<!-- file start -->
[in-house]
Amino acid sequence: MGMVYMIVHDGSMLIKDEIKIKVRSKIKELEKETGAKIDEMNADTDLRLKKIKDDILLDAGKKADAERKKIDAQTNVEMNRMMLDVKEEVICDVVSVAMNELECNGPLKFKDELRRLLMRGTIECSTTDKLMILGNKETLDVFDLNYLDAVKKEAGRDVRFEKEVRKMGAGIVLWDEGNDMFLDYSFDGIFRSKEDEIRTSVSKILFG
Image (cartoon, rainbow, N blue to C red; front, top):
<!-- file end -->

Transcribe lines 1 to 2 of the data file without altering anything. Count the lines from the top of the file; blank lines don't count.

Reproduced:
[in-house]
Amino acid sequence: MGMVYMIVHDGSMLIKDEIKIKVRSKIKELEKETGAKIDEMNADTDLRLKKIKDDILLDAGKKADAERKKIDAQTNVEMNRMMLDVKEEVICDVVSVAMNELECNGPLKFKDELRRLLMRGTIECSTTDKLMILGNKETLDVFDLNYLDAVKKEAGRDVRFEKEVRKMGAGIVLWDEGNDMFLDYSFDGIFRSKEDEIRTSVSKILFG